Top Tip: Wondering how to find an accountant for your small business? Learn how to find the right one for your needs in our guide to getting an online accountant for your small business ✅
Either way, accounting software helps you to stay on top of your cash flow and many come with helpful features such as invoicing, time tracking, expense tracking, project management tools, the ability to generate accounting reports, and more.
You can review the best platforms by category, features, benefits, and pricing structures in our small business software guide.
Another great option is to open a free business current account with Tide and take advantage of the ability to manage all of your business finance admin in one app, including:
- Auto-categorisation, which automatically tags your income and spending and even lets you create custom labels that align with your business processes.
- Easy expenses, allowing you to upload receipts and auto-match them to transactions.
- Invoicing, which lets you create, send, pay and track invoices from anywhere, anytime.
- Accounting integrations, making it possible to seamlessly and automatically feed transactions from your account into your chosen accounting software, removing the need for manual uploads and making reconciliation a breeze.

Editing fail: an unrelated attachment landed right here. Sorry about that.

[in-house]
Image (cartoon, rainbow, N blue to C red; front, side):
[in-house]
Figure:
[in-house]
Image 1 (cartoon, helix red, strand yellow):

Whether or not you choose to use accounting software, a platform like Tide, or hire a bookkeeper to help you out, it’s important to have a key understanding of the basics of managing your books so that you’re always in the know.
Three bookkeeping terms you must know
Let’s take a closer look at assets, liabilities, and equity so you have a complete understanding of each key term.
Assets are everything that your business currently owns. They are divided into two categories: current assets and fixed assets.
Current assets include prepaid expenses, cash at hand, accounts receivable, inventory, and notes receivable.
Fixed assets, or long-lived assets, are tangible and less easily converted into cash. These could include company-owned vehicles and property.
Liabilities are your company’s debts. There are two categories of liability, current and long-term liabilities.
Current liabilities are debts that are due to be paid within 12 months. These could be wages payable, sales tax, and balances on business credit cards.
Long term liabilities include debts that won’t be due in under a year. They may include mortgage payments, bank loans, and notes payable. The two together equal the total liabilities.
Equity, also known as capital or net worth, shows how much capital belongs to your business.